Quezon City court junks firm’s civil suit vs RobredoBy Marlon Ramos
Philippine Daily Inquirer
A Quezon City court has thrown out for lack of merit the civil case filed by a local company and its Korean partner against the late Interior Secretary Jesse Robredo over the shelving of a P243-million supply contract of the Bureau of Fire Protection (BFP).
Also cleared by the court was Chief Supt. Samuel Perez, the BFP officer in charge who had declared a failure of bidding for the procurement of fire-fighting equipment in December 2011 after discovering that the winning bidder, Kolonwel Trading and its partner, In Seung Apparel Co., had allegedly falsified some of the documents they submitted.
In her Aug. 22 ruling, a copy of which was obtained by the Inquirer, Quezon City RTC Branch 22 Judge Charito Gonzales junked the petition of Kolonwel and In Seung asking the court to compel the BFP and the Department of the Interior and Local Government (DILG) to grant them the contract.
The judge upheld the validity of Perez’s decision ordering the BFP’s bids and awards committee (BAC) to disqualify Kolonwel and In Seung, saying the fire official’s action was “firmly grounded.”
“It must also be emphasized that respondent Perez declared a failure of bidding only after a thorough review/investigation of the records of the procurement process and such a declaration was made as a result of discovered irregularities in the bidding process,” the court ruled.
It said Robredo, who died in a plane crash last month, and Perez “did not act capriciously, arbitrarily or whimsically in declaring a failure of bidding.”
While they were declared as the only “responsive bidder” for the procurement, Gonzales said the petitioners cannot force the DILG and the BFP to sign a notice of award since the “mere proposal of a bidder does not constitute a contract.”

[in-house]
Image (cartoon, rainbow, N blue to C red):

“Considering that respondent Perez validly declared a failure of bidding … petitioners cannot compel (the) respondents, through a writ of mandamus, to issue (them) a notice of award,” the judge said.
Same losing bidder
The case stemmed from Robredo’s decision to disapprove the May 31, 2011, recommendation of the BAC declaring the joint venture of Kolonwel and In Seung as the winning bidder for the supply of 4,197 sets of gloves, coats and trousers, helmets and boots to the BFP.
Kolonwel was the same losing bidder alleging that there were irregularities in the procurement of P1.2-billion worth of pistols of the Philippine National Police.
In his June 30, 2011, memorandum, Robredo said Kolonwel and In Seung failed to comply with the requirements and conditions set in the bidding documents as stated by the Office of the Solicitor General.
The late interior secretary also directed Perez to immediately look into the allegations of a losing bidder that Kolonwel and In Seung falsified the certificates from the Korean Institute of Fire Industry and Technology regarding the fire protection equipment they were offering to the BFP.
Another losing bidder alleged that the Kolonwel and In Seung joint venture had manually filed their income tax returns, in violation of the law requiring all government suppliers to file their income and business tax returns electronically.
Two months after conducting an investigation, Perez declared a failure of bidding after finding out that the allegations against Kolonwel and In Seung were true and that the BAC did not comply with government bidding procedures.
This prompted Kolonwel and In Seung to go to court, asking for the issuance of a writ of mandamus on Feb. 23.